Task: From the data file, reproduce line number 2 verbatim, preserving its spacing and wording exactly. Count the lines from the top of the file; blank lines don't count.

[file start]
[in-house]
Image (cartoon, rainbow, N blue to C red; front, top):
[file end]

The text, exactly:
Image (cartoon, rainbow, N blue to C red; front, top):